The bike does accelerate a little slower than the Yeti 5c and some of the shorter travel bikes I have owned. Going from a standstill to high speed takes a little more time and effort as the suspension I feel eats up some of your inputted energy but as I found out the payoff is there. This bikes was obviously built with speed in mind during design. At speed the bike rips. It has a very confident, stable and reliable feeling in and out of turns and thru the rough. The suspension soaks up rock gardens, makes big drops feel like little drops and makes square edge hits feel like they are small speedbumps. I feel like the suspension on this bike is dialed really well for aggressive, fast riding. The only other two bikes I have owned that attack DH the same are both 29ers ďEvil Wreckoning / Specialized EnduroĒ. The little bit that I feel you give up in pedaling and climbing efficiency is made up for in spades when you push the bike hard and ask it to remain calm blasting thru the rough. The front end was easy to pop up when needed and at high speed it felt really stable like a 29er. It was not quite as playful overall as some other bikes like the 5c but some of that is a tradeoff for its extremely confident composure, a lot like the Yeti SB6c which I feel shares this same characteristic.

    Overall I like the bike a lot so far. It seems like a bike that will be fun to blast around on. I look forward to playing with the suspension and seeing how much more I can get it dialed into my riding style and taking it to several more trails I am really familiar with.

    2017 Tracer-intense.jpg

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    Quote Originally Posted by Rom3n View Post
    Quick review after first ride.

    For reference, I live / ride in Sedona and I have spent the past few months on the new Yeti SB5. The SB5c and switch infinity in general provides a very efficient pedaling platform so the bar was pretty high in this department for my initial ride on the Tracer. I setup the shock with about 10 psi more than the recommended sag. All of the rebound and compression settings were the standard Fox settings. The weight on my build came in at 28.4 lbs which is almost the same as my SB5c.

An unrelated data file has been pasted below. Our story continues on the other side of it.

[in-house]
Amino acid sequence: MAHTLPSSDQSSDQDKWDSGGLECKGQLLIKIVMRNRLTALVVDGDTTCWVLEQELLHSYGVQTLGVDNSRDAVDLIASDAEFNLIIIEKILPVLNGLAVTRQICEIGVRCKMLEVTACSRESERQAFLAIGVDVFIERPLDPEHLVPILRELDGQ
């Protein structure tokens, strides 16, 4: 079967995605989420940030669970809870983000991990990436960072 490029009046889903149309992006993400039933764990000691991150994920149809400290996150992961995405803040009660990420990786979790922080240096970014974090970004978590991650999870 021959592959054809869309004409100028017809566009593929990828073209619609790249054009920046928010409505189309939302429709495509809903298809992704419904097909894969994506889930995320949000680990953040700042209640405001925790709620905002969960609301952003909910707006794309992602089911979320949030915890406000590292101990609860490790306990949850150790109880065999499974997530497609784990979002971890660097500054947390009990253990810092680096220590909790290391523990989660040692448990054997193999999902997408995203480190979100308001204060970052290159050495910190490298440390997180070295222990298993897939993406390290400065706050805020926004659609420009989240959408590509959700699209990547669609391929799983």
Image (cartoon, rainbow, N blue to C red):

I was expecting the bike to climb poorly after reading some of the early reviews. I think I only saw one where the bike was given a good review for its ability to climb the rest not so much. The ride I chose started with a med grade sustained climb, had several steep technical, punchy sections in the middle and ended with a longer fire road type of climb. My first impression was that the bike actually pedaled pretty good. There was a little pedal bob that you donít get from a switch infinity bike like the Yeti but nothing that was not expected for a 165mm bike or that I felt was unacceptable. The bike motored up technical climbs without issue while providing plenty of traction and it never felt heavy or cumbersome. The slack front end would wander just a tad on steep climbs but moving forward a bit which I do when climbing corrects this easily. The only time I found myself using the X2 2-position switch was on the long fire road climb at the end of my ride. Overall I felt it pedaled and climbed as well or better than similar bikes like the Knolly Warden, Santa Cruz Nomad etc..

    The bike does accelerate a little slower than the Yeti 5c and some of the shorter travel bikes I have owned. Going from a standstill to high speed takes a little more time and effort as the suspension I feel eats up some of your inputted energy but as I found out the payoff is there. This bikes was obviously built with speed in mind during design. At speed the bike rips. It has a very confident, stable and reliable feeling in and out of turns and thru the rough. The suspension soaks up rock gardens, makes big drops feel like little drops and makes square edge hits feel like they are small speedbumps. I feel like the suspension on this bike is dialed really well for aggressive, fast riding. The only other two bikes I have owned that attack DH the same are both 29ers ďEvil Wreckoning / Specialized EnduroĒ. The little bit that I feel you give up in pedaling and climbing efficiency is made up for in spades when you push the bike hard and ask it to remain calm blasting thru the rough. The front end was easy to pop up when needed and at high speed it felt really stable like a 29er. It was not quite as playful overall as some other bikes like the 5c but some of that is a tradeoff for its extremely confident composure, a lot like the Yeti SB6c which I feel shares this same characteristic.